Review: Manuel Gottsching's legendary solo material from the mid '70s onwards is finally being reissued the way it deserves; full picture-sleeves unlike those tacky bootlegs that have been knocking about over the years. Thanks to Germany's MG Art we can now appreciate this wondrous music in all its glory and, we have to say, that 2016 feels just right for this music to be resurfaced once again. This is the Ash Ra Tempel producer's first solo LP from 1975, and we can clearly hear the krautrock influence deep in the tracks. However, much like his later material, there's an element of the desolate and purely electronic, a medium with which hie experienced and flourished. The masterful "Echo Waves" opens with a fluttering landscape that could make for the ultimate opener to just bout any DJ set, and "Quasarsphere" comes through next with its gentle waves of ambient delight. All incredibly forward-thinking, of course. "Pluralis" edges closer to what we'd term 'balearic' these days, but without all the gimmicky elements and, instead, full of psychedelic wonder and zeitgeist. This is so hotly recommended...
Review: Blackest Ever Black come up trumps once more with this delicious reissue of Caroline K's Now Wait For Last Year. For the uninitiated, Caroline K Walters' contributions to the minimal synth canon date back to the late '70s, forming the cult act Nocturnal Emissions with Nigel Ayers and founding Sterile Records. Along with the bounty of Nocturnal Emissions material this label issued, Sterile also dabbled in the dark arts of Lustmord, a noted influence on Kiran Sande's BEB no less! Now Wait For Last Year was originally released in 1985 and ranks as her only solo album - Walters would later pass away from leukaemia. Taking its title from a Phillip K Dick novel about time-travel enabling hallucinogenics, this reissue from BEB has been a long time coming and will positively delight anyone with an interest in the fringe electronics of the early '80s. The 21 minute A-side track, "The Happening World," sets the tone delving deep into foggy, spectral ambience with the four subsequent tracks retaining a similarly immersive mood.
Review: Gigi Masin's second coming after the wondrous Music From Memory retrospective back in 2014 has been one of contemporary music's most heart-warming stories, with the ever-smiling Venetian embracing new musical endeavours and friends. Alongside the Gaussian Curve album recorded with 'Young' Marco Sterk and Jonny Nash, Masin brought a degree of considered pedigree to the Lifted project on PAN. Outside of all this however, Masin has cultivated a strong musical bond with compatriots and Hell Yeah founders Tempelhof, with this album Tsuki arriving two years on from the trio's first LP-length sojourn together. Some nine tracks long, Tsuki will entrance Masin fans as the three musicians lead you on a gentle, warm and enveloping saunter through kosmische, new age and sounds reminiscent of the Japanese minimalist electronics pioneers.
Review: Joey Anderson, Madteo, Nuel, Innerspace Halflife and Even Tuell; all names to have graced Latency. The Mura Oka project from Latency co-founder Sidney Gerard and Louis Vial (Ezzaid) stood tall alongside those names, so do you expect any less from Australian producer Kane Ikin? No! Having just graced Type - John Twells & Stefan Lewandowski taste-making label - Ikin is a producer making music worth talking about, let's just call in undefinable. This Basalt Crush EP sways between the forlorn ambient and tribal haunt of Blackest Ever Black ("Echoic" and "Autophasic") to the scatter beats of Samurai Horo character Ena ("Grid"). With some heavy, slowed down and instrumental post-punk on "Gestalt" and to the luminous glow of "Street Flare", this record is another pearl from Latency.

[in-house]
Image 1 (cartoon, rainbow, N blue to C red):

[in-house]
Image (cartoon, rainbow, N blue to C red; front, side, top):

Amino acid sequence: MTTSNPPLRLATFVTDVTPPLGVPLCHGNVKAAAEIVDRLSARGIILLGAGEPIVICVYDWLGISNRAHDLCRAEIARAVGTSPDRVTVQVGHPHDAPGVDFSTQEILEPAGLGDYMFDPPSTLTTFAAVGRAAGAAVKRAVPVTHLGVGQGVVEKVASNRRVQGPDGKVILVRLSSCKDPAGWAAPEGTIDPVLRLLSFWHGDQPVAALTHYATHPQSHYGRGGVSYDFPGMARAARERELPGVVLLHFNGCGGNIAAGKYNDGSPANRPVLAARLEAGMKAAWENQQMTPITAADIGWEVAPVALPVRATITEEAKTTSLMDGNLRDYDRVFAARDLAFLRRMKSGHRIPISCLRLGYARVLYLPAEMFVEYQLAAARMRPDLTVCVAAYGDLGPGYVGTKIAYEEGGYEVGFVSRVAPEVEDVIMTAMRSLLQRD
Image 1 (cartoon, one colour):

Review: Gothenburg's Alex Backman prefers to go by his birth year, 1991, and his output has been an important part of Opal Tapes' development over the last four years. The young producer prefers to deal in albums rather than singles, and his Skogen, Flickan Och Flaskan LP from 2012 is still very much one of our favourite from the OT camp. This new mini LP, No More Dreams, is a similar affair; taking the listener from the sparse yet mechanical sequence of Part 1, though to more desolate terrains as the album develops further, and ending up in a startling, hollow stratosphere of lonesome drones that give the term 'ambient' a new, more kinetic meaning. If you're looking for some drone with meaning, message and movement, then 1991 is the man for you.
Review: Jonny Nash's Melody Is Truth label has barely put a foot wrong to date, with the ambient imprint serving up a steady stream of atmospheric, sun-kissed treats. The label's latest missive marks its' first foray into the 7" market, and contains a track apiece from Nash and similarly minded artist Suzanne Kraft. While the latter's woozy, melancholic and gently whistling "Roberto & Giovanni" sounds like a brilliant cross between Peter Gabriel's "Mercy Street" and the producer's own take on ambient, it's Nash's A-side, "Cristina & Carolina", that really impresses. Full of his trademark, lilting mid-western guitar lines, echoing audio textures and shuffling, bossa-influenced beats, it's nothing less than audible sunshine.
Review: A-Ton is a new label from Berlin heavyweights Ostgut Ton, designed to focus on "ambient, archive and alternative music". They've pulled off something of a coup for this debut release, persuading British techno legend Luke Slater to open up the archives of his '90s intelligent techno project, The 7th Plain. Chronicles I boasts a mixture of previously released and unheard material, which moves from glistening, outer-space ambience (the near perfect "Boundaries", "Grace"), to fizzing Motor City techno ("T-Funk Statues"), via intergalactic intelligent techno, dusty downtempo grooves (the jazzy hip-hop rhythms and ambient electronics of "Slip 7 Sideways"), and melodious IDM.
Review: After 18 months of soft releases and sunset-optimised live shows across Europe, Danish dreamer Emil Breum comes correct with the aptly titled Moments. Each instant as cosy, poignant and emotionally rich as the last, Breum's ambience and cool sense of contemporary classical is showcased at its finest. The whole trip is a whirlwind of star-gazing soul but surefire standouts have to be the nylon string plucking Balearic bliss-out "Dive", the oceanic synth washes and delicate folds of "Bright Lights" and the striking keystroke confidence of "Blueberries". Delicious.